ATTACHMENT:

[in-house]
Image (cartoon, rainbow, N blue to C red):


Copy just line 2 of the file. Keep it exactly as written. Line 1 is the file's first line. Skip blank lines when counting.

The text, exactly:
Image (cartoon, rainbow, N blue to C red):